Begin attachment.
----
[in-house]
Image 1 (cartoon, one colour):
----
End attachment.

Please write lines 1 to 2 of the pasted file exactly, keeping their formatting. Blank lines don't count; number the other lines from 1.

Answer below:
[in-house]
Image 1 (cartoon, one colour):